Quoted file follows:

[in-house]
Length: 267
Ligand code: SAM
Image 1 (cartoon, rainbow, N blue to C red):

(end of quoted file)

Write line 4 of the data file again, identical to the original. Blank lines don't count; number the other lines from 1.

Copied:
Image 1 (cartoon, rainbow, N blue to C red):